In my governance roles I am both Chair of a primary school board, as well as a Trustee in a MAT which has four schools in receipt of the Primary PE and Sport Premium. At a MAT level we discuss this to ensure there is consistency in both the monitoring of the premium across our schools and also that we are confident that it is being most effectively utilised for the benefit of all pupils. At a school level, it is important to ensure there are regular meetings with subject leads and the head teacher to both support and challenge the spend and provision to maximise its impact.
In terms of the way schools use the premium, a report from the Department for Education (DfE) found that most use it to buy new equipment or improve facilities, upskill existing staff, and/or increase extracurricular sport (over 8 in 10 schools in each case). The report also highlighted that a range of people are involved in deciding how to spend the premium in schools, with 41% of schools mentioning the school governors’ role.
Below is a snapshot of top tips and suggested key questions for governors taken from the new Youth Sport Trust Governor Toolkit.
It is important this is in line with the funding conditions, and governors consistently challenge on how spend is ensuring sustainability and long-term impact.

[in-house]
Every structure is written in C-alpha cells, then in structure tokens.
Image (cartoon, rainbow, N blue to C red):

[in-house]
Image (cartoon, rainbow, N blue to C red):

To conclude, Ofsted’s Inspection Framework, which came into effect from September 2019, gives greater recognition to schools’ work to support the personal development of pupils, such as the opportunities they have to learn about eating healthily and maintaining an active lifestyle. Inspectors will expect to see schools delivering a broad, ambitious education, including opportunities to be active during the school day and through extracurricular activities. As governors we should support and challenge our schools in how they use their PE and Sport Premium to support this and contribute to their overall strategy of raising achievement and improving standards.
The YST’s Governor Toolkit is offered as a benefit of the charity's membership package for schools. For more information visit www.youthsporttrust.org/membership
Vicci Wells is the YST’s National Manager for Targeted Interventions. She is also a Chair of Governors & Multi Academy Trust Director and is the author of widely-read blog, the Young(ish) School Governor.